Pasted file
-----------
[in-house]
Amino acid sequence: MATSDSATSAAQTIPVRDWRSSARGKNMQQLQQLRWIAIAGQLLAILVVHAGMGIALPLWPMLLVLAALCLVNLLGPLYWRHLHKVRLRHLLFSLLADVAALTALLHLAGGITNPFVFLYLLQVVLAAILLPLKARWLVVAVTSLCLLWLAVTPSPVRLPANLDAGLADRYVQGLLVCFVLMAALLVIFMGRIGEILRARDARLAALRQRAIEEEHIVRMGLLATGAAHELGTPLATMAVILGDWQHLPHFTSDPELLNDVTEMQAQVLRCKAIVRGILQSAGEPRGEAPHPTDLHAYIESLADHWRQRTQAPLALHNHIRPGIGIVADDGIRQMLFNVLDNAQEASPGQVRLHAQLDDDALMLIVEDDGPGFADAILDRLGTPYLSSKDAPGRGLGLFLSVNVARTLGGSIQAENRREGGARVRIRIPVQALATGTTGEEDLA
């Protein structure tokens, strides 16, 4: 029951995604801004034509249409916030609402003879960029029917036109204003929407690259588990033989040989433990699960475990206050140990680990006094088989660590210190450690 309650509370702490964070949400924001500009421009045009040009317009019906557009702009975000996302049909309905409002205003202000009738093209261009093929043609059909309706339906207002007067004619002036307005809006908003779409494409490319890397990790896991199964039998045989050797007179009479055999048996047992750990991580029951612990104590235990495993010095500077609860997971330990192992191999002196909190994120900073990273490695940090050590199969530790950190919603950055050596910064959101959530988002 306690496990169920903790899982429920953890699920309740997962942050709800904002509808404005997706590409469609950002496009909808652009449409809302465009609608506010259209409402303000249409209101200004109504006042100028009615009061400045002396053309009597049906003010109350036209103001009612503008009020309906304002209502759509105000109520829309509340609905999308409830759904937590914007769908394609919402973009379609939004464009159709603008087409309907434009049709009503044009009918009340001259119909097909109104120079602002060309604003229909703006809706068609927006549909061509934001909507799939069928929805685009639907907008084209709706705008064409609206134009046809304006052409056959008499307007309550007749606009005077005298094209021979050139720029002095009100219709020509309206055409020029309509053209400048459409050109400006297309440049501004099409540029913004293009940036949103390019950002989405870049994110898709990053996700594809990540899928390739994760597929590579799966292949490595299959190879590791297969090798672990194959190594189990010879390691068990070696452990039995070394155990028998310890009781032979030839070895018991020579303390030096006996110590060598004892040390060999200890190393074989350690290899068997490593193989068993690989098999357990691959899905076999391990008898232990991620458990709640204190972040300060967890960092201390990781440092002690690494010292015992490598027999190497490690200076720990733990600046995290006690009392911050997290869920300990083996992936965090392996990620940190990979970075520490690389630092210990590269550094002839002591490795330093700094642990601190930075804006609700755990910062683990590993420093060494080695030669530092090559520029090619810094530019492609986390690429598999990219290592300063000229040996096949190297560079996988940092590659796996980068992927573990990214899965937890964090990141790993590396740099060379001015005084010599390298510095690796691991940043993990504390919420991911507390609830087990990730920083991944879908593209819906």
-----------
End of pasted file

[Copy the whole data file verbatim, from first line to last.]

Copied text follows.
[in-house]
Amino acid sequence: MATSDSATSAAQTIPVRDWRSSARGKNMQQLQQLRWIAIAGQLLAILVVHAGMGIALPLWPMLLVLAALCLVNLLGPLYWRHLHKVRLRHLLFSLLADVAALTALLHLAGGITNPFVFLYLLQVVLAAILLPLKARWLVVAVTSLCLLWLAVTPSPVRLPANLDAGLADRYVQGLLVCFVLMAALLVIFMGRIGEILRARDARLAALRQRAIEEEHIVRMGLLATGAAHELGTPLATMAVILGDWQHLPHFTSDPELLNDVTEMQAQVLRCKAIVRGILQSAGEPRGEAPHPTDLHAYIESLADHWRQRTQAPLALHNHIRPGIGIVADDGIRQMLFNVLDNAQEASPGQVRLHAQLDDDALMLIVEDDGPGFADAILDRLGTPYLSSKDAPGRGLGLFLSVNVARTLGGSIQAENRREGGARVRIRIPVQALATGTTGEEDLA
């Protein structure tokens, strides 16, 4: 029951995604801004034509249409916030609402003879960029029917036109204003929407690259588990033989040989433990699960475990206050140990680990006094088989660590210190450690 309650509370702490964070949400924001500009421009045009040009317009019906557009702009975000996302049909309905409002205003202000009738093209261009093929043609059909309706339906207002007067004619002036307005809006908003779409494409490319890397990790896991199964039998045989050797007179009479055999048996047992750990991580029951612990104590235990495993010095500077609860997971330990192992191999002196909190994120900073990273490695940090050590199969530790950190919603950055050596910064959101959530988002 306690496990169920903790899982429920953890699920309740997962942050709800904002509808404005997706590409469609950002496009909808652009449409809302465009609608506010259209409402303000249409209101200004109504006042100028009615009061400045002396053309009597049906003010109350036209103001009612503008009020309906304002209502759509105000109520829309509340609905999308409830759904937590914007769908394609919402973009379609939004464009159709603008087409309907434009049709009503044009009918009340001259119909097909109104120079602002060309604003229909703006809706068609927006549909061509934001909507799939069928929805685009639907907008084209709706705008064409609206134009046809304006052409056959008499307007309550007749606009005077005298094209021979050139720029002095009100219709020509309206055409020029309509053209400048459409050109400006297309440049501004099409540029913004293009940036949103390019950002989405870049994110898709990053996700594809990540899928390739994760597929590579799966292949490595299959190879590791297969090798672990194959190594189990010879390691068990070696452990039995070394155990028998310890009781032979030839070895018991020579303390030096006996110590060598004892040390060999200890190393074989350690290899068997490593193989068993690989098999357990691959899905076999391990008898232990991620458990709640204190972040300060967890960092201390990781440092002690690494010292015992490598027999190497490690200076720990733990600046995290006690009392911050997290869920300990083996992936965090392996990620940190990979970075520490690389630092210990590269550094002839002591490795330093700094642990601190930075804006609700755990910062683990590993420093060494080695030669530092090559520029090619810094530019492609986390690429598999990219290592300063000229040996096949190297560079996988940092590659796996980068992927573990990214899965937890964090990141790993590396740099060379001015005084010599390298510095690796691991940043993990504390919420991911507390609830087990990730920083991944879908593209819906």